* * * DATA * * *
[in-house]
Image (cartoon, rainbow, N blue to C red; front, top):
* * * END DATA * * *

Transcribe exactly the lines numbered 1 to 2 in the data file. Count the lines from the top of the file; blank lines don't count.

[in-house]
Image (cartoon, rainbow, N blue to C red; front, top):